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Another fake cop burglarizes a Sandy home

Published March 8, 2013 5:52 pm
This is an archived article that was published on sltrib.com in 2013, and information in the article may be outdated. It is provided only for personal research purposes and may not be reprinted.

He thought the man at his door was a police officer.

And when a Sandy resident on the 1900 East block of Viscounti Drive (8100 South) answered his door just after 7 a.m. on Friday, he asked to see some identification.

The man at the door produced something that made the resident believe he was indeed a cop, said Sandy police Lt. Troy Arnold. But after the resident let the man inside, several other people also entered, binding the man's hands and burglarizing the home, Arnold said.

The resident, who was alone in the home and wasn't hurt, didn't get a good look at the perpetrators.

"We have very limited suspect information... [the resident] was unable to see any of the additional suspects," Arnold said. Investigators are still assessing what was taken from the home and what details, if any, the victim can provide. Because the resident thought the man at his door was an officer, he wasn't scrutinizing the details of his appearance, Arnold said.

Detectives are also looking into whether this incident is connected to a similar one in October that was never solved.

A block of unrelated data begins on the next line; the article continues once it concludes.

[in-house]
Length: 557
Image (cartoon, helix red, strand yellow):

In that case, a couple in their 80s answered a knock on their door near 200 E. Pioneer Ave. (8530 South) to find two men — one of whom said he was a police officer who asked if they could come in and talk with them. But he wasn't a cop, either, and as soon as the men entered, they pushed the couple down and tied them up while a third man held them at gunpoint, according to the police. As the couple lay face-down on the floor, the robbers ransacked the house.

Arnold recommends that anyone concerned about whether someone is actually an officer ask for identification. Officers have a badge and photo ID they should be willing to share.

And real officers shouldn't mind if people want to take a minute to call dispatchers just to be sure, since the dispatch center should know if law enforcement is at their home, Arnold said.

mmcfall@sltrib.comTwitter: @mikeypanda




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